A wise, unsentimental memoir.... It’s hard to tell why Mr. Bernstein’s writings never blossomed into a career, or how he feels about this. He tells his tale without rhetorical fuss or disappointment, allowing even his father a moment of humanity, at Ada’s funeral. The tyrant has outlasted his victim, and now he is alone, the one thing he’d never wanted to be.
New York Times
Beneath the poignant descriptions of places and times past, beneath the rising and falling patterns of these characters’ lives, we hear what Wordsworth called "the still sad music of humanity."
Washington Post Book World
Packed with carefully crafted dialogue and descriptions that transport us, with keen verisimilitude, from working-class England to Depression-era Chicago.... Visceral, honest writing [makes] Bernstein’s memoir impossible to put down.
Jewish News Weekly
(Starred review.) Having mined his English upbringing in The Invisible Wall, Bernstein resumes a nine-decade reckoning in this gently observed memoir of a Jewish immigrant family riven from within. Eager to escape English mill town life, his mother promises her brood a better life in America-a dream providentially fulfilled with steamship tickets. But even after reuniting with family in Chicago, his father's "bloody 'ell" bellows and monstrous rage continue to smite. The author takes in his new surroundings with a keen adolescent eye, observing "back porches all piled on top of one another like egg crates," belying celluloid America—as do his ragamuffin elders, with his grandfather reduced to begging in secret. At school he confounds Midwestern types with his Lancashire accent, comically mistaken for an Egyptian named "Arry." Engulfed in the Roaring '20s, the Bernsteins revel in the luxuries of telephones and parlor rooms, only to feel the wallop of the Depression as the decade wanes. Uprooted to New York, Bernstein ekes out a living and falls quietly, desperately in love, achieving a joyful 67-year marriage. Coming on the heels of his first book, this one will delight readers eager for more of Bernstein's distinctive voice and gift for character.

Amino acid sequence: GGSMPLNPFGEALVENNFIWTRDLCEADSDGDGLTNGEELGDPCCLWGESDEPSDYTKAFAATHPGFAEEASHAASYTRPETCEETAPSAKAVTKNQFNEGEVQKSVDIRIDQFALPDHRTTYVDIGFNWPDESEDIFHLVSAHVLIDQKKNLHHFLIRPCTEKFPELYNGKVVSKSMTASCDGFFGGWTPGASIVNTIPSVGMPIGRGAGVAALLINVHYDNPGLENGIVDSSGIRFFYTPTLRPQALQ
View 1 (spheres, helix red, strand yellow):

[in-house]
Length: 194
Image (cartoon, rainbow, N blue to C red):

This coherent account of Bernstein’s life is a fascinating and well-written book.—George Cohen
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